A Lovely Sunday for Creve Coeur
A Lovely Sunday for Creve Coeur is a one-act play with two scenes by Tennessee Williams.
Set in St. Louis in the mid-1930s, the play focuses on four women struggling for a sense of identity and independence. Dorothea, a deluded Blanche DuBois-like middle-aged civics teacher at the local high school, fantasizes her cad of a beau, school principal T. Ralph Ellis, is really Prince Charming after allowing him to seduce her in the back seat of his car. Her slovenly but good-hearted hard-of-hearing roommate Bodey unrelentingly urges Dottie to strike up a relationship with her portly, fashion-challenged, cigar-chomping twin brother Buddy (who never is seen onstage). Sophie Gluck, a German immigrant manic-depressive mourning the loss of her beloved mother, is another tenant in the building, and Helena is Dottie's upscale and haughty friend and colleague.
Dorothea is planning to leave the crowded, tacky efficiency apartment she shares with Bodey and move in with Helena in order to have a larger and nicer place in which she can entertain the man she believes intends to marry her. Helena arrives to get a check from Dorothea to cover her share of the first month's rent. Dorothea is scheduled to join Bodey and Buddy for their weekly Sunday picnic in Creve Coeur Park, a short trolley car ride away, but she delays her departure, certain Mr. Ellis is going to call. Unbeknownst to her, his engagement to another woman has been announced in the society section of the morning newspaper, which Bodey, anticipating her reaction, has managed to conceal from her. Helena cruelly reveals the news, leaving Dorothea devastated and no longer interested in moving to a more expensive apartment she no longer needs and can't afford. Angered by the sudden change in plans, Helena tells Dorothea she's on a social and cultural level with Bodey and Buddy, and therefore undeserving of her friendship, and stalks out. Dorothea, realizing the unappealing Buddy may be her only chance for love, rushes off to catch him and his sister at the trolley stop.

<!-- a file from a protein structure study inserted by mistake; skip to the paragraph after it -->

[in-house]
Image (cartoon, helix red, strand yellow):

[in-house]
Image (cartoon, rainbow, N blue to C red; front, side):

In 1976, Tennessee Williams wrote Creve Coeur, a one-act play he considered a companion piece to Demolition Downtown, a short work that had been published in Esquire in 1971. Craig Anderson, director of the off-Broadway Hudson Theatre Guild in New York City, read it in 1977 and agreed to stage it. Williams expanded and revised it, and the play, directed by Keith Hack, who had directed a critically acclaimed production of the Williams play Vieux Carré in London two years earlier, premiered at the Spoleto Arts Festival in Charleston, South Carolina in June 1978 originally called Molly, with Shirley Knight as Dorothea and Jane Alexander. Mel Gussow of The New York Times described it as "tender, poignant and measurably human" but added, "this is still a play in evolution."  Williams continued to work on the play and changed its title to A Lovely Sunday for Creve Coeur. Again directed by Hack, with Knight reprising her role, it opened at the Hudson Guild Theatre in January 1979. Reviewing it in the New York Post, Clive Barnes said, "This is not your usual Tennessee tourist trip" and added, "But it is sweet, honest, compassionate, different and totally enjoyable."  The play closed the following month.